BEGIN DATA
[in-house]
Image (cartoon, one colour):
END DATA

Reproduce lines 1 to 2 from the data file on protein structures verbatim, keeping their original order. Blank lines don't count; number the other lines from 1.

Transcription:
[in-house]
Image (cartoon, one colour):